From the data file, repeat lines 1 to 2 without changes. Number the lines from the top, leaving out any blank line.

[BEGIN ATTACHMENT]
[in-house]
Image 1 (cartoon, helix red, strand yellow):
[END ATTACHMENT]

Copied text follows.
[in-house]
Image 1 (cartoon, helix red, strand yellow):